Less than 90 days afterwards, peripatetic Brötzmann performed at Krakow’s Autumn Jazz Festival in another mammoth improvisation captured on Yatagarasu (NotTwo MW 894-2). Billed as The Heavyweights, his associates were both Japanese and his contemporaries: pianist Masihiko Satoh is his age and drummer Takeo Moriyama four years younger.
Despite the abundance of grey hair the set was characterized by the same unparallelled toughness as the others. Another free jazz marvel, Satoh has the matchless technique and indefatigable stamina to match the saxophonist’s snaky inventions, while Moriyama’s double-time paradiddles and martial press rolls open up spacious sound territory. On some tracks, Brötzmann appears to never stop playing, emptying his lungs with staccato whinnies and visceral battle cries. Not that the pianist’s raw-power chording takes second place. Should the saxophonist metaphorically examine every tone facet before letting it loose, then Satoh’s voicing emphasizes each note with key-clipping enthusiasm.
On Icy Spears, the pianist cuts through the cacophony to surprise with low-frequency, cross-handed chording, prodding Brötzmann to briefly slow the tempo with breathy vibrations before deconstructing the line into shards once again. Full-blast saxophone shrills are other Satoh challenges, which he counters by redoubling his kinetic key fanning. Eventually cymbal clashes blend with swelling piano pumps and altissimo reed passion for an expressive climax which appears to have reached the limits of endurance; at least the trio suddenly stops playing. — Ken Waxman, JazzWord
One of the absolute highlights of the (Music Unlimited) Festival. — Martin Schray, Free Jazz Collective
(…) It’s Satoh’s smart, romantic classicism and whimsy that immediately separates this music from mere fire and brimstone. The interplay between piano and percussion is truly astounding, Satoh’s blend of East European rhythmic charge and voluminous, knotty flecks a devilish and bright counterpart to Moriyama’s crisp martial beats and chunky tom and cymbal work (in the words of Nigel Tufnel, they “go to eleven”). — Clifford Allen, New York City Jazz Record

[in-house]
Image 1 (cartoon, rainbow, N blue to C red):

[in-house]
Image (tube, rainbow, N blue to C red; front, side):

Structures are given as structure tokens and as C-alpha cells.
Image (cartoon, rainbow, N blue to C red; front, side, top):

Another free jazz marvel, Satoh has the matchless technique and indefatigable stamina to match the saxophonist snaky inventions; while Moriyama’s double-time paradiddles and martial press rolls open up spacious sound territory. (…) Youthfulness may have a particular meaning in general. Yet when it comes to innovative musical expression, Brötzmann provides the textbook definition. — Ken Waxman, Whole Note
The concert stormed and hurricaned with energy that would shamed legions of youngster's punk rock units. The music hits you right in the eyes. No prisoners allowed. And this energy transferred well onto the recording, while a more balanced and transparent sound reveals more subtle hues of the music. — Jazz Alchemist
It’s interesting to hear Brotzmann perform with a pianist, something that I have rarely heard him do. This isn’t just slash and burn experience, but music that moves through different motifs and expressions. Brotzmann’s instantly identifiable sound conquers all, leading toward brilliant sections of interplay. — Music and More
De beste pure freejazzplaat die ik hoorde uit 2012 omdat hij hier wordt gekoppeld aan de hier ten lande betrekkelijk obscure pianist Masahiko Satoh, wiens pianolijnen dit album echt maken: boeiend, complex, avontuurlijk en vaak ook gewoon móói pianospel. — Sandokan Moods
Moriyama always comes out like a boxer swinging hard. His speed, power and dynamism are startling at first, resetting your heartbeat and realigning your spine. Then, he goes on to take the energy level even higher. Moriyama is like two drummers, really, creating double the number of rhythms with a full-bodied style. — Jazz In Japan